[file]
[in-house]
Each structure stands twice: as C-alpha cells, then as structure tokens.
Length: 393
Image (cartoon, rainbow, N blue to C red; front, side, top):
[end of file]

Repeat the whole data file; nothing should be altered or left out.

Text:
[in-house]
Each structure stands twice: as C-alpha cells, then as structure tokens.
Length: 393
Image (cartoon, rainbow, N blue to C red; front, side, top):